2015 National Student Symposium - "Law and Innovation"

University of Chicago Law School - February 20-21, 2015
Start : Friday, February 20, 2015 03:30 PM
End : Saturday, February 21, 2015 09:45 PM
University of Chicago Law School
1111 E 60th Street
Chicago, IL 60637

The University of Chicago Law School's Federalist Society Student Chapter hosted the 34th National Federalist Society Student Symposium on February 20-21, 2015. The theme for the Symposium was "Law and Innovation."



Innovation and the Administrative State - Audio/Video
5:30 p.m. - 7:15 p.m.
Law School Auditorium

Regulation can be a significant barrier to innovation, protecting incumbents and making it harder to bring new goods and services to market. Determining the appropriate regulation is all the more difficult when accelerating technology is creating many new opportunities as well as potential dangers. Can the administrative state itself innovate to promote beneficial innovation? Topics to be considered here will be the nature and scope of cost-benefit analysis, the use of experiments to guide regulation and prizes as an alternative to top-down regulation.

  • Prof. William Baude, University of Chicago Law School
  • Mr. Jon Dudas, Senior Associate to the President, University of Arizona and former Under Secretary of Commerce for Intellectual Property and Director of the United States Patent and Trademark Office
  • Mr. Steve Lehotsky, Deputy Chief Counsel for Litigation, U.S. Chamber Litigation Center
  • Prof. Jennifer Nou, University of Chicago Law School
  • Moderator: Hon. Stephen Markman, Michigan Supreme Court


Current Issues in Patent Law - Audio/Video
10:00 a.m. - 11:45 p.m.
Law School Auditorium

Our patent system has historically been thought to be an engine of innovation, but it is much criticized today. Is a one-size-fits all model for patent duration appropriate in today's technological environment or does it simply incentivize unnecessary litigation? For instance, the rapid pace of technological change in some areas may obviate the need of lengthy patents in some areas. Should certain innovation—such as business processes be patentable? Should the patent office be reorganized or split up to better assess patents. What other types of incentives, including those provided by copyright or prizes, provide alternatives to patents?

  • Ms. Phyllis Turner-Brim, Chief Intellectual Property Counsel, Intellectual Ventures
  • Prof. Doug Melamed, Visiting Professor, Stanford Law School
  • Prof. Michael Meurer, Boston University School of Law
  • Mr. Adam Mortara, Partner, Bartlit Beck Herman Palenchar & Scott LLP
  • Moderator: Hon. Danny J. Boggs, U.S. Court of Appeals, Sixth Circuit

Becoming a Law Professor - Audio Not Available
11:45 a.m. - 1:15 p.m.
Room V

  • Prof. Lisa Bernstein, University of Chicago Law School
  • Prof. Joshua Kleinfeld, Northwestern University School of Law
  • Ms. Beth Kregor, Director of the Institute for Justice Clinic on Entrepreneurship at the University of Chicago Law School
  • Prof. John McGinnis, Northwestern University School of Law
  • Moderator: Hon. Lee Liberman Otis, Senior Vice President & Director of the Faculty Division, The Federalist Society

Innovation and Health Care - Audio/Video
1:45 p.m. - 3:30 p.m.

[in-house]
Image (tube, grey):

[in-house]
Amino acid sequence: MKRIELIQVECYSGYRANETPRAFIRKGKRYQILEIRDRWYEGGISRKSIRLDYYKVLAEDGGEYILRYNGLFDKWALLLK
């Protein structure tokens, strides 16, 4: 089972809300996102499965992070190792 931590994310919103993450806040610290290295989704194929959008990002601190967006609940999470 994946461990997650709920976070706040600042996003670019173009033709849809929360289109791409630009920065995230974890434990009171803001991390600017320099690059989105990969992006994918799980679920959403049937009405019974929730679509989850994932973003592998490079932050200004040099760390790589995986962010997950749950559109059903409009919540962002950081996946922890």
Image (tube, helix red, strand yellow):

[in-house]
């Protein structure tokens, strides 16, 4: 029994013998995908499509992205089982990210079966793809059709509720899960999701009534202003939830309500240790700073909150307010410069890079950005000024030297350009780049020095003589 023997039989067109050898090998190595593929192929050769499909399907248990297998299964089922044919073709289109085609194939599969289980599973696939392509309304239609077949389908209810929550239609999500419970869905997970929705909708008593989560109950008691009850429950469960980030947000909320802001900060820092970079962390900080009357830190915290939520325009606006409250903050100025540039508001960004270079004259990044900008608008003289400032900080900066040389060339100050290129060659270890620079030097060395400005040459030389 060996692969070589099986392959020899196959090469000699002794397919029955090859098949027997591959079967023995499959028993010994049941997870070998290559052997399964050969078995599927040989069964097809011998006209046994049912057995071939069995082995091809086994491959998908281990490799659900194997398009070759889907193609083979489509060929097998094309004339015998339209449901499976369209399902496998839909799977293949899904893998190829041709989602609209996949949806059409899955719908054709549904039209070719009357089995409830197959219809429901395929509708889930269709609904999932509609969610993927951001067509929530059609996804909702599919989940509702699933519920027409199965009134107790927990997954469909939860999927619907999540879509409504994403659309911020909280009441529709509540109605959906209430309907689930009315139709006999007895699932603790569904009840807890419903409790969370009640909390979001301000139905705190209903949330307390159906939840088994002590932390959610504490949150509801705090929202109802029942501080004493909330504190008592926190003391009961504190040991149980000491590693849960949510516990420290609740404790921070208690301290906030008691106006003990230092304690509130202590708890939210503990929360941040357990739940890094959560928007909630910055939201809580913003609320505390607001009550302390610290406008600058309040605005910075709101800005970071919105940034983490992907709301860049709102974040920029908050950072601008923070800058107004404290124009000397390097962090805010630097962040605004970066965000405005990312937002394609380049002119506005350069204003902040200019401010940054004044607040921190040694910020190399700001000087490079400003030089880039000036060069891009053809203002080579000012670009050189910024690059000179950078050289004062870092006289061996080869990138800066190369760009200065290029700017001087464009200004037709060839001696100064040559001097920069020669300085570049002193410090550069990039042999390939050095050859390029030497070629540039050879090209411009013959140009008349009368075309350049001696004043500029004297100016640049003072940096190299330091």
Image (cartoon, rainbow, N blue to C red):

Law School Auditorium

Given that everyone is getting older and more prone to disease, medical innovation is one of the most important measures, if not the most important measure, of a successful health policy. Technological acceleration, including advances in genomics and stem cell research, suggest that we are on the cusp of a golden age of medical innovation. But government-imposed price controls and other policies can reduce the incentives for devising new treatments, resulting in preventable death and illness. This panel will look at the effect of Obamacare, and the policies of the FDA on innovation. More generally, will the current regulatory processes and reimbursement policies equipped to manage the next generation of personalized medicine and diagnostic devices?

  • Mr. Peter Huber, Senior Fellow, Manhattan Institute
  • Ms. Lindsay Kelly, Special Counsel, Irell & Manella LLP
  • Mr. Gerald Masoudi, Partner, Covington & Burling LLP; former Chief Counsel, Food and Drug Administration
  • Moderator: Hon. Thomas B. Griffith, U.S. Court of Appeals, District of Columbia Circuit

Innovation and Inequality: Conservative and Libertarian Perspectives - Audio/Video
3:45 p.m. - 5:30 p.m.
Law School Auditorium

We are in an age of accelerating technology but many fear we are also in an age of growing inequality. Does the fast pace of innovation pose a threat to social stability? Many fear that machines will take away jobs from the less skilled and extend the reach of superstars, thus deepening inequality. This panel will address the dangers of innovation to employment and equality and what, if anything, the government should do about it.

  • Prof. Richard Epstein, NYU School of Law
  • Ms. Beth Kregor, Director of the Institute for Justice Clinic on Entrepreneurship at the University of Chicago Law School
  • Prof. John McGinnis, Northwestern University School of Law
  • Moderator: Hon. Frank Easterbrook, U.S. Court of Appeals, Seventh Circuit

Banquet featuring Panel on Building Innovative Business Under Regulatory Uncertainty; Presentation of the Paul M. Bator Award; & 5th Annual Feddie Awards presentation - Audio Not Available
6:45 p.m. - 9:45 p.m.
Green Lounge

  • Mr. Evan Baehr, Co-Founder, Able Lending; formerly, Co-Founder of Outbox
  • Ms. Katie Biber Chen, Senior Counsel, Airbnb
  • Mr. Colin Stretch, General Counsel, Facebook, Inc.
  • Ms. Candice Taylor, Associate Litigation Counsel, Lyft
  • Moderator: Hon. Theodore W. Ullyot, Palantir

Related Materials:
National Student Symposia